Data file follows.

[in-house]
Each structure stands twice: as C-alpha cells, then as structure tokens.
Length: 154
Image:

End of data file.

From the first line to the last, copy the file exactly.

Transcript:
[in-house]
Each structure stands twice: as C-alpha cells, then as structure tokens.
Length: 154
Image: